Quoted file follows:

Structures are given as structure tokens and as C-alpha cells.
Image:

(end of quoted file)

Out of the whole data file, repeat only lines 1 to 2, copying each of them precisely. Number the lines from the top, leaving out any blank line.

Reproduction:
Structures are given as structure tokens and as C-alpha cells.
Image: